Getting an Internship in development is notoriously difficult, and finding funding to enable you to do it may seem even more impossible. BA International Development graduate Yumna Usmani shares her experience of securing her dream internship with UNHCR Amman and gives some encouraging tips to development students keen to work in the field.
Blog post by Yumna M. Usmani
As a B.A. International Development student, I felt it very keenly that I needed some experience in the field before I entered it formally after my graduation. Having squandered away my first year's summer vacation, I now felt guilty. However, what was I to do? Paid internships in the development sector are hard to come by and voluntary internships are expensive, especially for an international student who already has to pay a lot more than national students. Therefore, I set myself the task of finding funding. I looked at various opportunities, being an international student meant that I had a much more limited variety of funding available to me. Some of the funding I looked at were: Leeds for Life, Gilbert Murray Trust and some other University grants.
Before I could start applying for funding I had to first find a volunteering opportunity. The sector I most wanted to work in was Refugee and immigration. My dream job would have been with the UNHCR, working for Syrian refugees. So in June 2014, I applied for the UN Voluntary programme through their main website to secure an internship for the next month. Yet by October I had not even received as much as a receipt of my application. I was frustrated and had no idea how to get in touch with the UNHCR office to see know the status of my application. I emailed them a few times and the reply they gave me was cursory and standard.
Having volunteered for UNWFP-Colombo (Sri Lanka), I got in touch with my Supervisor and asked him if he had any contacts in UNHCR in Jordan or Lebanon. I was lucky, my Supervisor had a colleague who now worked in UNHCR Amman. My Supervisor put me in touch with him and I asked if he was aware of any voluntary internship programs in Jordan or Lebanon at the UNHCR offices and what would be the best way to apply for them. Luckily he had a small project opening in his office and offered me 2 month voluntary role in the Amman DIST office of UNHCR.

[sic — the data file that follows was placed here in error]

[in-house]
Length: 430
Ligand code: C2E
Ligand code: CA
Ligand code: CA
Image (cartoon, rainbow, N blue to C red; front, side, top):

Thus having a contact in Amman helped me rise to the top of the volunteer list at the UN in Geneva. Since thousands of volunteers apply each year to UN, it becomes extremely difficult for an application to even be looked at, let alone to gain internship. Therefore I would advise all students planning to work for the organisation to look for contacts. A lot of lecturers at POLIS have also worked with UN, so talk to them and they might be able to help you secure an internship.
After I received the offer for the internship, it was now time to seriously look for funding. During this time I came across a funding opportunity emailed by POLIS, the Gilbert Murray UN Study Award. It is a UK-based award given to at most 8 UK students (at any level) per annum. The award goes to a maximum of £1000, which is not much but every little helps! However, I had never applied for funding before. And seeing as the award could be granted to anyone at any level of their education, including PhD’s and Master’s students it seemed highly unlikely that I would be able to gain funding from the organisation. But there was no harm in trying! Thus, I emailed Dr. Jorg Wiegratz with whom I had the opportunity of working while I was the Advertising Officer for PIN Students Leeds. He gave me great advice on how to apply for the funding and an excellent reference.
The day I secured my funding, I remember screaming in the SSC computer lab (one of my most embarrassing memories). But I had done it! I was able to secure my dream internship!
Working with UNHCR Amman in Jordan was an incredible experience. I got to visit the Zaatari and Azraq refugee camps in the course of my internship and they were eye-openers. Zaatari was like a city in itself, with its own Champs-Elyees. What I saw and perhaps the most important lesson I learned in the course of my internship was that life goes on in the midst of destitution and destruction but it is up to us, the new generation, to minimize not only the destruction but also the destitution that arrives after destruction.
Some important pointers for keen volunteer
- Build your networks.
This can be done easily, POLIS offers a lot of opportunities for students via talks and lecturers. PIN Students, specializes in building bridges for students between the careers world and the world of university. PIN also organizes various voluntary talks. If you are interested in an organisation and are an employee of that organistaion is giving a talk or working at POLIS, just talk to them about the application procedures and perhaps they might be able to guide you towards the right direction. No advice is ever wasted. I understand that it can be daunting to talk to someone whom you have never met but if we remain shy then our careers may never start
- No Funding is too difficult to get.
Just apply. Write your proposals in a professional manner. Give it your best shot and hope for the best. Talk to the lectures at POLIS perhaps they might be able to help you with funding.
Yumna M. Usmani completed a B.A. International Development at the University of Leeds. You can contact her at @ymusmani.